Nasty wars that characterise Nairobi dump sites business
Eric Wainaina @EWainaina
Men and women of all ages rummaging through filth to scavenge recyclable materials from heaps of rotting garbage are the scenes of most duming sites in main towns across the country.
For the poor families, mostly slum dwellers and street children who persevere the smoky, stinking wasteland as they sort recyclable materials for sale and leftovers to feed on, this is “God sent” chance for them to eke a living from another man’s waste.
But behind the piling garbage in landfills that are also life-threatening, lays a multi-billion venture that for long, has been controlled by politicians, businessmen and daring cartels willing to go to any length to manage garbage collection, currently under county government.
While politicians and county officials work with businessmen to viciously fight for tenders to collect filth in markets, towns, hospitals and estates, landfills have become a hotbed of criminal activity as organised gangs fight control of the city’s waste disposal industry.
That garbage venture is as dirty as its content is manifested by the amounts involved.
Probes by Ethics and Anti Corruption Commission (EACC) in counties have revealed dubious tender business thrive through conflict of interests, blatant fraud as well as murders and injuries caused by gangs that are controlled by manufacturers who deal with recyclable items, fighting for dominance at a fee.
Former Kiambu Governor Ferdinand Watitu, who was indicted by the Senate for running a corrupt garbage collection system once painted a picture of a lucrative business, saying he had made a fortune from among other things, garbage collection at City Hall where he started as a councilor before rising to becoming a mayor and later Embakasi MP.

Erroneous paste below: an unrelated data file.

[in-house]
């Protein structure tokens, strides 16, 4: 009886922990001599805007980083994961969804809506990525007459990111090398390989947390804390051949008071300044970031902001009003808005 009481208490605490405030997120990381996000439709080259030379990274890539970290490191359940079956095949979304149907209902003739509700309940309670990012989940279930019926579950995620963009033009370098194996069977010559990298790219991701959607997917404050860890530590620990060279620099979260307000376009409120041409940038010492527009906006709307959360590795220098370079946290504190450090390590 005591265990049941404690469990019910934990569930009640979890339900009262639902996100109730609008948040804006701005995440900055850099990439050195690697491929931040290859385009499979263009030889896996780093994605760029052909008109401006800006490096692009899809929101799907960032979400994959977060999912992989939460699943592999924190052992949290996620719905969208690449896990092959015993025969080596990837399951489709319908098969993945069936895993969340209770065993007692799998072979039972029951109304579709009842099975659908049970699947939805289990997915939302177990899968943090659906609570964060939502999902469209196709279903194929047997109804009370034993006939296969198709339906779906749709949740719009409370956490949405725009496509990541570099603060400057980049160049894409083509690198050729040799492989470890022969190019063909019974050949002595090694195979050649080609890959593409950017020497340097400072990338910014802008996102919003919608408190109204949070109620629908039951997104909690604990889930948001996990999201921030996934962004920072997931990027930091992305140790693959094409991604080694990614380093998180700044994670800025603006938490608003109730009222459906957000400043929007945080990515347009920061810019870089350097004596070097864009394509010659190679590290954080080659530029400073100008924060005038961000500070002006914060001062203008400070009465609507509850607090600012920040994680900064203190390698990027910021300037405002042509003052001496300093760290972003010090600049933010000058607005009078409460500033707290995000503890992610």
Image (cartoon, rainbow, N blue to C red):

Waititu, who is battling a theft case in court said he was the main garbage collector in the city, owning about 30 trucks and a private dumpsite at Mukuru kwa Rueben, a venture which he said earned him substantial wealth that enabled him acquire properties in the capital.
“I am a self-made tycoon having been a garbage collector in the city through Bins Management Service.
I am not a poor man as portrayed by my political enemies,” said Waititu.
Phillip Kisia, former Town Clerk at City Hall, knows too well how the business thrives and to what extent the baron behind the trade can go to eliminate any hurdles.
According to Kisia, when he joined the defunct City Council of Nairobi, tenders were not only being dished out to cronies of City Hall officials, but the dealers had also found a way of charging for one trip to the landfill three times.
“Tenders would be awarded fraudulently. Dealers who ferry garbage to the dumpsite would demand payment for one trip thrice.
When I cracked the whip, they threatened to frustrate me. I sent unscrupulous stuff on forced leave, installed weighing and payment systems and they had to toe the line,” Kisia told People Daily.
But City Hall, which hosts Dandora landfill, is still entangled in deeply entrenched and web-threaded vicious cartels that include high-ranking politicians, State officials and lawyers have continued to call the shots.
Majorly, the well networked group fleecing public coffers through unverified and exaggerated garbage tonnage are said to be in full control of Procurement, Finance and the Audit departments at City Hall offices.